The hex lines, basically pentacles about every foot interspersed with crosses, ran into what I want to call the kitchen, with empty cabinets and an old iron stove. Needless to say, a thick curtain of dust covered everything, but there were places were there were less dust. Squatting, I made out footprints, bare human footprints, and ran a finger along the middle of one. Somewhere in the house, something thumped, and there was a giggle. More like in the back of my mind, but Baxter lurched as if he heard it too. I didn't like where this was going, but I continued on, my heart beating in my chest.

    Perhaps I imagined the next rattle, coming from behind me, but I don't think I did. Investigating, I saw that the hand had slid several feet down the wall, further into the room. I could see the dust trails where it had moved, and shook my head. Something was fucking with me, but again, I was too headstrong, too reckless. I also thought my being a paratrooper, and under the auspice of St. Michael had something to do with it - if he could face the down devil, I could explore the domain of some half ass ghost, couldn't I?

    Perhaps! But when a finger fucking twitched, it did not sit well in my stomach. And when I heard, much like I had before, the sound of something beating around upstairs, Baxter getting more and more anxious by the second, I decided to leave. I grabbed my fear by the throat, and walked from the house, through the threshold.

    I don't know if my walking pissed it off or my running only inflamed it further, but when I heard the sound of footsteps coming, I took off for the woodline and the open fields, thinking for some reason it represented safety. Baxter ran beside me, ears back and in a flat out sprint. The wind kicked up behind me and I could smell the rot in the air. The smell of open sewage on a hot day, of a corpse putrefying and wet. The bile rose at the back of my throat and I spit, dodging through trees and leaping over more than one rock. It was riding the wind though, it's footsteps only taunting to heighten the thrill of the chase. How can you outrun the wind?

    You can't. So I turned, ripped the medal from my neck, and shoved it into the wind. I don't remember what I yelled, to be honest. I suspect it was a cry to St. Michael with all of my faith, because there was a white explosion in my head, and my vision was filled with light. The only equivalent I have is when I got caught too close to a flashbang, with the noise slowly filtering back in with my vision.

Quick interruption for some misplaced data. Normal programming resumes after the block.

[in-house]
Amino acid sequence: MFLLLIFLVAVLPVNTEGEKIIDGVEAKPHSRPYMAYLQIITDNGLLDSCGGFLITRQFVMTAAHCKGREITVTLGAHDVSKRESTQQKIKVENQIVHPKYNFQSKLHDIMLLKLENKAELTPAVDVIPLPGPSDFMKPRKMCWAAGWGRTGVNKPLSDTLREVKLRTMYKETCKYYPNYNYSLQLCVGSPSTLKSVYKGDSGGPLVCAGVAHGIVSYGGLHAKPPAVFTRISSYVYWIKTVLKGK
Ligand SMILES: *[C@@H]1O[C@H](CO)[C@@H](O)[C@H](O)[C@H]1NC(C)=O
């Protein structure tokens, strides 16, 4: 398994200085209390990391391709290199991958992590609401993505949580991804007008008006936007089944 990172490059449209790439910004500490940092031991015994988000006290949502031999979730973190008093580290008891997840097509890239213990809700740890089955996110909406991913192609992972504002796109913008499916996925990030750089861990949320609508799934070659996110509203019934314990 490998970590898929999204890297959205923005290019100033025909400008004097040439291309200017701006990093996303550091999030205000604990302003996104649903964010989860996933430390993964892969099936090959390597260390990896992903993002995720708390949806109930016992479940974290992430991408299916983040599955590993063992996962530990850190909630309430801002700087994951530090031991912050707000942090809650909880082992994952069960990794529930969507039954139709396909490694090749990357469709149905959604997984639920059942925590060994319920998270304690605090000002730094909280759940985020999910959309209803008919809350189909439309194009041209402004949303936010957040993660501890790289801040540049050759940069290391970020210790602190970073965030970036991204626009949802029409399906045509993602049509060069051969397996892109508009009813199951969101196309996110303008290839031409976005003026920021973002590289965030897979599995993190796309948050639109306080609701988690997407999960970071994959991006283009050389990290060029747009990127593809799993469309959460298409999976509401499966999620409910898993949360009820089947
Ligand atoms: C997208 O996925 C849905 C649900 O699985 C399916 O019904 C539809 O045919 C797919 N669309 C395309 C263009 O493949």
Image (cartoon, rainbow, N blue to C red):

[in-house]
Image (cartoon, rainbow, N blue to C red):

Again, the smell of roses and gunpowder on the wind, and something else. You could smell fire on the wind, like your clothes might smell after standing too close to a bonfire. I heard steps again in the leaves, but it was only my dog, looking around curiously, licking the air. After a moment he looked off into the distance, wagged his tail, and then began to turn back. I followed him, looking where he had stared so intently. I saw nothing, but there was a cool breeze suddenly from that direction, and the smells, so apart but seeming so right, were stronger for a second, and then faded out. I walked with my dog out of whatever horror I had wandered into for a second.

    When I got back home, my mother asked me what girl I had been with. She said she could smell me from there, and while I smelled good, I smelled STRONG. She didn't believe I wasn't with a girl, and only said "You don't have to lie, but we can pretend if you're embarassed to tell your mother. Just ask your "friend" what perfume she uses, because I'd like a bottle."

    A deployment later, I returned to the house with the can of gasoline, the dog, and some handwritten prayers. What I found when the house burned to the ground is another story altogether.

    siliconenhanced wrote:
    A little over a year later had me driving down the "trail, unimproved" in a jeep, three five gallon jugs of gas in the backseat, a sheet of handwritten prayers tucked into my pocket, and the dog curled up in the backseat. I had left with this, I told my mother the area where I was going to hike, and took off. These were what I hoped, enough to finish what I had started.

    I kept the events of that place to myself, knowing that I had experienced what some might call "a minor miracle" in my faith. I had told the story when I was younger about the first ghost to some people when it came to telling "Oh man this one time..." stories, much like this thread. Things would always get quiet shortly afterwards, and someone would eventually go "That's fucked up" softly, and that was that. Still, I knew the house was there, and unlike in the first case, I didn't know that I had broken whatever presence haunted that house for good.